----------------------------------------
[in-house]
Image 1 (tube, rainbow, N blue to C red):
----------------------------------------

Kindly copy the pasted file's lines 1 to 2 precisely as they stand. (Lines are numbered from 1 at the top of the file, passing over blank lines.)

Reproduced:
[in-house]
Image 1 (tube, rainbow, N blue to C red):